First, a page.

Some of the political achievements are as follows, and these are just a few;

 

  • Peace, stability and democracy.
  • A constitution which guarantees human rights for all, the right to a minimum standard of life, including the right to access health, education, social security, food and water;
  • the right of all people to elect a government of their choice in regular, free and fair elections in a multi-party democracy;
  • mobilisation of our people to actively take part in decision-making processes that affect their lives;
  • an independent judiciary and freedom of expression;
  • equality and freedom from discrimination on racial, gender or any other ground;
  • workers rights, collective bargaining, freedom of association; and

 

Socio-economic achievements

 

  • Over two and half million houses have been built for the poor giving shelter to over ten million people.
  • Six million households have gained access to clean water since 1994 and electricity has been connected to nearly five million homes.
  •  In 1994, only 62% of households had access to clean drinking water, today 93% do.
  • In 1994, only 50% of households had access to decent sanitation, today 77% do.
  • In 1994, only 36% of South Africans had access to electricity – today 84% do. Today the majority of our people are provided free basic services in water and electricity.
  • By 2010, close to 15 million people were receiving social grants. Of those, nine point five million are children aged under 14 years, compared with just 2.4 million in 1996. This has contributed immensely to reducing poverty levels in many households
  • Our programmes have opened the doors of learning. More than eight million children at primary and secondary schools benefit from school-feeding schemes.

 

• We have offered more opportunities for the children of the poor. Student loans are now being converted into bursaries for qualifying final-year students.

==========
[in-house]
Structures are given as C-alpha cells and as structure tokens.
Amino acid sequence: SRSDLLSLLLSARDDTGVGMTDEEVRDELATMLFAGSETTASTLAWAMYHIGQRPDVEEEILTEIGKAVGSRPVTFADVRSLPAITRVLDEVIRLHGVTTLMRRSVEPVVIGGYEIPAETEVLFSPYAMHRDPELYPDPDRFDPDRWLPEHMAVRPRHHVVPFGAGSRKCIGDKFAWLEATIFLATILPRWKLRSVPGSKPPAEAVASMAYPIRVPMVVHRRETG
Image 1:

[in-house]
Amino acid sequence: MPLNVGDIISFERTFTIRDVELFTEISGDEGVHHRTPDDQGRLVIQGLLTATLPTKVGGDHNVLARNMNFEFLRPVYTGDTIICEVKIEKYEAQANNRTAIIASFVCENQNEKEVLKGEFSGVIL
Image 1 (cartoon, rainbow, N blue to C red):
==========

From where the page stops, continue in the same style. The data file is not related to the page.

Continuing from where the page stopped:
• Students in further education and training colleges who qualify for financial aid are now exempted from paying fees.

• Crime statistics show a decrease in most crimes, including armed robberies, housebreakings and contact crimes. The murder rate, for example, has declined by 8,6% in 2010.

• Through the implementation of the major infrastructure programme over the years, government has helped create jobs and protected our communities from the worst effects of the global economic crisis. To date, R800 billion is being invested in infrastructure programmes that will change the socio-economic landscape of the country, building dams, roads, bridges, schools, hospitals and two universities in the Northern Cape and Mpumalanga. The President leads the programme through the Presidential Infrastructure Coordinating Commission.

This is just a small tally of the achievements scored.

More to be done

The President and government in general never fail to point out that much more still needs to be done. The legacy of colonialism and apartheid cannot be reversed in only 18 years. That is impossible. But more is done each day to bring about a better life.

More is being done as well to improve the performance of government, so that officials do what they are supposed to do, and so that government eradicates corruption and improves performance in the public service and meets is delivery targets. That is why President Zuma instituted the Department of Performance Monitoring and Evaluation in his office, so that he can keep track of progress and intervene where necessary. That is also why he visits so many communities to undertake hands-on monitoring of service delivery.

The President is pleased with the progress made, and will continue leading government to improve the quality of life of all.

Statement issued by Mac Maharaj, The Presidency, September 12 2012